So I have had a back and forth with a reader who is unhappy with Apple’s design directions. As a result, he went ahead and bought a Windows all-in-one, specifically a 2-in-1, which has a touchscreen. Now I’m not going to argue preference, but I felt that the reasons were exaggerated.

    For those who read these columns regularly, I had a similar argument with another reader a few months back, one who voiced similar excuses. I wouldn’t assume it’s the same person, because such views aren’t uncommon.

    Continue Reading...


    Where Unsuccessful Products Are Successful

    May 18th, 2017

    I don’t want to consider the crazy developments in the world of politics, where the definition of “fake news” depends on your belief system. Instead, let’s look at the crazy developments in the tech world, where Apple is always failing or about to, and supposedly successful products really aren’t successful after all.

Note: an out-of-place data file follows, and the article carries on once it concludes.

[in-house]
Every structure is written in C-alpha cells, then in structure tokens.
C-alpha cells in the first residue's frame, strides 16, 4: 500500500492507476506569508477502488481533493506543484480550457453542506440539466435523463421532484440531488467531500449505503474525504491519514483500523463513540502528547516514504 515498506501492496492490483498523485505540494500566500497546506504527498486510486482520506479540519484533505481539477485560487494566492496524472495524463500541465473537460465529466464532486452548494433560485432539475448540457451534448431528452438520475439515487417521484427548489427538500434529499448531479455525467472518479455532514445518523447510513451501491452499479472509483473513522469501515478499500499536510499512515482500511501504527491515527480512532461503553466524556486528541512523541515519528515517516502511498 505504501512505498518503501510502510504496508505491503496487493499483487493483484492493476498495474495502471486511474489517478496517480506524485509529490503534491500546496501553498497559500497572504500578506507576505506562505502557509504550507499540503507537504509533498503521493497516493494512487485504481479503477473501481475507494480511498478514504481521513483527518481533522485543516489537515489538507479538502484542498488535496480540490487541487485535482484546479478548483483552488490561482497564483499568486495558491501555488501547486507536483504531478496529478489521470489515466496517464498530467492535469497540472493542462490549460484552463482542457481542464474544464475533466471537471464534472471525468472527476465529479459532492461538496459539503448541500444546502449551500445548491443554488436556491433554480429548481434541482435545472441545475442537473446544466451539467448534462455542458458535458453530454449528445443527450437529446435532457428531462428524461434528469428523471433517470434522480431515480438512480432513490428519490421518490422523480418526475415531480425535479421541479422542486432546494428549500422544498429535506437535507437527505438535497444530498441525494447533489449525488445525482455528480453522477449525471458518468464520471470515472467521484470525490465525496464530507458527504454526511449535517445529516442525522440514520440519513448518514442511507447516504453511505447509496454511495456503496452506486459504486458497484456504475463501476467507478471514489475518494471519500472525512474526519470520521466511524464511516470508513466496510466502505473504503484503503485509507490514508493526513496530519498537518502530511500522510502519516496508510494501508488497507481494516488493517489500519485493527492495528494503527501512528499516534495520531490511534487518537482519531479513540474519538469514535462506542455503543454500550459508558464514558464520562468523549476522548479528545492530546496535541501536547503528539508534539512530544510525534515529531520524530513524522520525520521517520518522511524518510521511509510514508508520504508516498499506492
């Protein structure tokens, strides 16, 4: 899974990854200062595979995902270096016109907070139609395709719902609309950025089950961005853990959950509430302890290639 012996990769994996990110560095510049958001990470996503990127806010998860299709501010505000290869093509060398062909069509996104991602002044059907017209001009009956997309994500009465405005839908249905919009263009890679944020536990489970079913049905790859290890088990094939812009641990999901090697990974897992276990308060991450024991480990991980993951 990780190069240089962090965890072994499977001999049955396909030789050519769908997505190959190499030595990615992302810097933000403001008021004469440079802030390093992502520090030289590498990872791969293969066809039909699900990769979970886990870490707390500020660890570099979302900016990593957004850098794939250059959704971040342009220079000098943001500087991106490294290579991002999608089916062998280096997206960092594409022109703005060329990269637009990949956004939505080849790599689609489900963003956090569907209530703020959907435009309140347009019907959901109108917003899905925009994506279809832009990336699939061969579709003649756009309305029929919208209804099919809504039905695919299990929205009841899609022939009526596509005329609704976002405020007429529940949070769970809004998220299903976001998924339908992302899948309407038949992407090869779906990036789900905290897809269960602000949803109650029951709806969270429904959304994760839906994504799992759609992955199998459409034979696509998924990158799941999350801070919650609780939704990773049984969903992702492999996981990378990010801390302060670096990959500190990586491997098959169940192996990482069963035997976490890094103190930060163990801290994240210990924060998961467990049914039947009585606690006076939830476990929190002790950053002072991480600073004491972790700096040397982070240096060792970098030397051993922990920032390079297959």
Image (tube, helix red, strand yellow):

In yesterday’s column, I mentioned a main offender, Microsoft Surface PCs. Quarter after quarter, sales failed to grow all that much. They exceeded one billion dollars and then they dropped 26% in the March quarter.

    But every time Microsoft had something new to announce, it was proclaimed potentially disastrous for Apple. Even the $2,999.99 Surface Studio, a large all-in-one PC with a touchscreen display that can lay nearly flat, didn’t help to boost sales. Well, maybe it kept them from going even lower. I mean, it’s not a bad idea, but it sort of brings to mind the complicated articulated arm of an iMac G4, though the latter wasn’t nearly as flexible in the way you could move the screen.

    Continue Reading...